On February 28, the Justice Department filed a 47-count indictment against (0) two agents of Russia’s foreign intelligence agency, the FSB, and two Russian hackers, allegedly hired by the FSB. Although part of a broad pattern of Russian spying activities, the indictments are not related to the Russian hacking into the Democratic National Committee or other interference in the 2016 election.
The Justice Department charges (1) that the Russian agents directed a sweeping conspiracy to steal data from 500 million Yahoo customers in 2014; and then the FSB employed that data as the basis for using a complement of other intelligence tools to spy on a wide array of targets, both government and private. Specifically, between 2014 and 2016, the two intelligence officers directly paid the hackers to penetrate the servers of a Silicon Valley company — including its source code — to spy on the contents of internet traffic of more than 6,500 individual accounts. The targets included a diverse, even bizarre, multitude of victims — White House personnel, US diplomatic and military officials, a US financial company, and a Nevada gaming official. Possibly signaling competition among Russian intelligence agencies, the hacks also included a Russian journalist and other Russian government agencies. As the New York Times summed it up (2): “The list of targets is a glimpse into both the global reach of Russia’s spying apparatus and the internecine power struggles of Russia’s competing security agencies.”
Indeed, in a fundamental sense, the arrangement was set up to take advantage of — even encourage — the hackers’ entrepreneurial spirit. One private culprit was allowed to manipulate a Yahoo server to direct users to an online pharmacy, specializing in products similar to Viagra. Other ventures included phishing email messages designed to trick users to give the hackers access to their financial accounts. (This scheme was lucrative enough for one hacker to treat himself to an Aston Martin DBS and a Mercedes C4, the indictment states (3)).
These picaresque details did not amuse the FBI or Justice Department, for in the ultimate insult and embarrassment, it turns out that the two spies worked for (4) the FSB unit that is the liaison with the FBI in international efforts to identify and bring cybercriminals to justice.
The indictments have been called a “landmark move (5)” — it is and it isn’t.
Certainly, it is the first time the US has directly charged Russian government officials with cybercrimes — although we have done so with North Korean, Chinese, and Iranian officials in the past. In this case, given the controversy swirling around Trump administration relations with Vladimir Putin and his lieutenants, it may partially allay fears that the administration is “going soft” on Russia for whatever reasons. Yet Democrats surely will not be deflected from their drumbeat of criticism concerning unresolved issues surrounding Russian interference in the US presidential election. Sen. Mark Warner (D-VA), ranking member of the Senate Intelligence Committee, applauded the Justice Department actions, but added (6): “These indictments shed light on the close and mutually beneficial ties between the cyber underworld and the Russian government and security services, and the extent to which Russia leverages these cyber activities to multiple ends: commercial, financial and geopolitical. This simply underscores the complexity and urgency of the task facing the Senate Intelligence Committee in its bipartisan investigation into Russian interference in America’s 2016 elections.”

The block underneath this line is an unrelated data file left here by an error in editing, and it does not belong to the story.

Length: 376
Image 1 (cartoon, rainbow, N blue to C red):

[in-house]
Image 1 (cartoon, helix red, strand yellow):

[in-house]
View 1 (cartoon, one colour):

The indictments are also striking for the level of detail that is included in the court document. In past cybersecurity episodes, there has been endless speculation and hand-wringing over the difficult problems associated with attribution and assembling evidence to support charges. Inevitably, it has been argued that there will be a tug-of-war between Justice Department officials and intelligence agencies fearful of exposing their sources and methods. In this case, however, given the extraordinary details of charges, that debate has largely been resolved in favor of public revelations. The point is that the indictments demonstrate — even if never actually acknowledged — a level of surveillance relating to communications between the “private” hackers and the FSB unit (as well intra-FSB communications) that will tip off the Russians to the deep technical capabilities of the US intelligence community. They probably knew or suspected such facility — but this is daunting confirmation.
Behind all the details of this Russian Yahoo episode and the individual indictments lies a still unanswered question that also plagued the Obama administration: Is this enough? The Russians have shown no indication that they will lessen, let alone desist, in cyber activities that not only interfere with US elections but also use stolen US intellectual property for cybercrime purposes, whether directly or through paid accomplices — and consort with those private buccaneers to commit further cybercrimes and thefts. And they have stepped up political interference with US allies in Europe, particularly in Eastern Europe and the Baltic states.
China is widely held to have desisted or diminished the theft of (7) US IP after President Obama’s direct warning to Xi Jinping in September 2015. Russia seems to blow by such warnings. And therein lies one of the most daunting cyber challenges for the fledging Trump administration.